If the receiving device is qualified for access to the content, at step 118 the source SCM may generate an encryption key for the content. Concurrently, at step 120, the receiving device may generate a decryption key. At step 122, the source and receiving devices may use existing cryptographic technology to establish a secure session and provide access to the requested content. It should be appreciated that other methods for providing access to controlled content may also be suitable.
At steps 204 and 206, the SCM may use the geographic location or proximity information from the SGP in combination with at least one additional parameter to test compliance of the receiving device with a usage rule. That is, based upon usage rules for the control of digital content as determined by a content provider, and on the combined control parameter information, the SCM may determine whether the receiving device is authorized access to the requested content. For example, a content usage rule may specify that a receiving device is authorized to receive content only if it is in a specific geographic location, belongs to an authorized user, and is not connected to more than three additional receiving devices. A great variety of other rules may also be suitable.
Depending on the result of the compliance testing in step 206—i.e., whether or not the receiving device is authorized to receive the particular content at issue—steps 114, 118, 120, and 122 may proceed as previously described in connection with method 100.
At step 302, the downstream device requests access to the content from a source device in the domain, which may have received the content from an original source located outside of the domain. At steps 106 and 304, the original source SGP may initiate communications with the original receiving device and the downstream receiving device. At steps 108 and 306, the source SGPs and both receiving device SGPs may authenticate these communication channels as previously described.
At steps 110 and 308, the source and both receiving devices may determine their geographic locations using input from their attached GPS antennas. At step 310, the source may gather the data on all three locations and determine the relative proximity of the receiving devices. For example, the source device may determine differences between the respective locations, and compare the differences to a pre-determined, maximum allowable separation distance. At steps 312 and 314, the source device may apply content usage rules for the second receiving device using the proximity determination. If the requesting device is not authorized, at step 114 the source SCM denies access. If the receiving device is authorized access, the source SCM generates an encryption key at step 118 and the receiving device SCM concurrently generates a decryption key at step 120. At step 122, the source and receiving devices use existing cryptographic technology to establish a secure session and provide access to the requested content.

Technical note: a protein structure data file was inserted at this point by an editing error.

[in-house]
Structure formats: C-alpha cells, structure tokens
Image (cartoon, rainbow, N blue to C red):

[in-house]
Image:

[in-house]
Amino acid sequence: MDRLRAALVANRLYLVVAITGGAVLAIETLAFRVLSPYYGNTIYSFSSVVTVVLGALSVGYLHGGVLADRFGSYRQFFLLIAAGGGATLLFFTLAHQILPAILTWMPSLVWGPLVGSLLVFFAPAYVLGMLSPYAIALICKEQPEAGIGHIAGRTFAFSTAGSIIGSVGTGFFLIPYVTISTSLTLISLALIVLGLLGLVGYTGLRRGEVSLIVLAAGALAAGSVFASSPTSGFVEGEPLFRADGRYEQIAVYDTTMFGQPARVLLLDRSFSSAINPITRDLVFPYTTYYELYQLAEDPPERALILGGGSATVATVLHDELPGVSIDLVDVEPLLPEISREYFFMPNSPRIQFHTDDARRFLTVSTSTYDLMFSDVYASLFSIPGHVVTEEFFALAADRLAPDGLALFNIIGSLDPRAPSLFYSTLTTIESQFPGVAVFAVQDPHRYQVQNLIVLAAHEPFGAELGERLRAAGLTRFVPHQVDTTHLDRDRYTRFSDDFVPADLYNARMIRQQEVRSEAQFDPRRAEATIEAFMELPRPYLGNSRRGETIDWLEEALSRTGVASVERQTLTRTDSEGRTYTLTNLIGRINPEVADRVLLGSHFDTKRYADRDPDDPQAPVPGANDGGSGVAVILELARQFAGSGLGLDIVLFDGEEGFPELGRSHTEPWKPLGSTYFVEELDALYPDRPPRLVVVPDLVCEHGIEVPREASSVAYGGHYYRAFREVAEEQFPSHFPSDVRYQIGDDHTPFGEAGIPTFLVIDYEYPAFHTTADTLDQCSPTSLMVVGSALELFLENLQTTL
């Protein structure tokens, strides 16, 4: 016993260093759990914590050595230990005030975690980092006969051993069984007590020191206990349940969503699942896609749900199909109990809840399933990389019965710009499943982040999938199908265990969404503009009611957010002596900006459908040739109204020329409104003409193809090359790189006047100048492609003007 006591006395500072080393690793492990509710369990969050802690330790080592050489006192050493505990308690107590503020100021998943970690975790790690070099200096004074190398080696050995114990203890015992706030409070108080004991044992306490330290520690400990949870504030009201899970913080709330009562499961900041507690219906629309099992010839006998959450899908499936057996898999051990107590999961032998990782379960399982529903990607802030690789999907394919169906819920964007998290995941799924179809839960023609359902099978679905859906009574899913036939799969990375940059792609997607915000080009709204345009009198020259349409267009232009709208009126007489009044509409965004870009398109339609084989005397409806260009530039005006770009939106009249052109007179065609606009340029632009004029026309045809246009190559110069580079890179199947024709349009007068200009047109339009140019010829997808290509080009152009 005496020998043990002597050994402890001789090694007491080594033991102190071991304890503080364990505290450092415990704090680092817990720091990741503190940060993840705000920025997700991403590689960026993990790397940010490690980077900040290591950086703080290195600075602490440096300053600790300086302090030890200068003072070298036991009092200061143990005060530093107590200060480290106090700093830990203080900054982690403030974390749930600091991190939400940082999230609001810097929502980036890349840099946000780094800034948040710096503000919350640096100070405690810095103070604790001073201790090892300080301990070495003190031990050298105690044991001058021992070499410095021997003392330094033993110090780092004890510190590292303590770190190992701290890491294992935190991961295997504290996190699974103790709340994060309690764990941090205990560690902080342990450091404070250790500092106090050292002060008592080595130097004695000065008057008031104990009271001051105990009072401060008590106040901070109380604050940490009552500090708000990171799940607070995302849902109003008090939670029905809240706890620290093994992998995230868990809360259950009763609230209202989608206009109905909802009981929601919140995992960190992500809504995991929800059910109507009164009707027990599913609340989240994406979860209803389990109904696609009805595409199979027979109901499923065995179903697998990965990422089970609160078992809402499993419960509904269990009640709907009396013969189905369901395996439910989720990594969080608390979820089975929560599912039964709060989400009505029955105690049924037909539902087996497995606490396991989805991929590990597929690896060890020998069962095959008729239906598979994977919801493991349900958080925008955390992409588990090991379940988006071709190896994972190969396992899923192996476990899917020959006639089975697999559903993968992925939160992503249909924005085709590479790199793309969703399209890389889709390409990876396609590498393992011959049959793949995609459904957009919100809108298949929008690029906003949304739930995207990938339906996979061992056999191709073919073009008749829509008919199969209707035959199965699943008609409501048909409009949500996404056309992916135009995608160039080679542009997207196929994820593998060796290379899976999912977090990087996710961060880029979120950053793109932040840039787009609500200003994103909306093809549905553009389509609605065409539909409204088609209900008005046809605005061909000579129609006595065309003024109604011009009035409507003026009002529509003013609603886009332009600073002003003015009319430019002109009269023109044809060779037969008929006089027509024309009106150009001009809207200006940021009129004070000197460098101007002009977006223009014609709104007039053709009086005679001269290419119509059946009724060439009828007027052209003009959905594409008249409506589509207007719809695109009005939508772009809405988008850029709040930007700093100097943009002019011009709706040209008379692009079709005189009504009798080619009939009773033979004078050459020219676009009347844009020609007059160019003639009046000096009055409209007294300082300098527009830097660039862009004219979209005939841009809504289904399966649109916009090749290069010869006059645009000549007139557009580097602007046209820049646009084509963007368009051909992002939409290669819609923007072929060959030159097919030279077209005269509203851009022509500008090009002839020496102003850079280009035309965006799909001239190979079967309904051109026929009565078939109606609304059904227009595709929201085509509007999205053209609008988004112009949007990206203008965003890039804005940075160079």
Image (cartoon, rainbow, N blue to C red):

In the alternative, if the downstream, networked device is requesting the content via the original receiving device, then the original source does not need to communicate with both devices. Instead, the first receiving device may perform either of methods 100 or 200 while functioning as a source device. Thus, for example, the first receiving device in the domain may determine whether or not the downstream receiving device is authorized for access, based at least in part on a predetermined maximum for the distance between multiple interconnected receiving devices, or on a geographic location of the downstream device.
The original receiving device 404 requests specific digital content 412 from the secure content manager 414 of the source device. The secure content manager (SCM) may comprise a system that facilitates secure communication of content. The SCM should also be operative to apply content usage rules based on location or proximity parameters, optionally in combination with other parameters such as affinity to a certain user, identity of the user, device counting and time. An SCM or functionally equivalent device may be included within each compliant source and receiving device in system 400.
An SCM may comprise a cryptographic processor 416, a securely and robustly implemented secure GPS processor (SGP) 418, and a secure, unique identifier 420. Processors 416, 418 may be implemented in discrete, separate systems, or may be implemented as functional processes using a shared hardware or software system. The SCM may also include a database of other non-location/non-proximity parameters 422 for more sophisticated content management, and a secure clock or a secure cumulative timer 424 used to prevent spoofing of the GPS signal. In an alternative embodiment, the secure GPS processor may be replaced by another secure triangulation system based on cell phone, radio, or any other suitable signal.
The secure content manager 414 should be configured to communicate with the secure GPS processor 418. The secure GPS processor may be designed and manufactured to be robust and tamper-resistant. For example, all security-critical connections may be configured internal to a chip, or protected between chips on inaccessible buses. A bus may be rendered inaccessible, for example, by placing its signals on inner balls of Ball Grid Array packages, and interconnecting those packages with buried, via-less traces.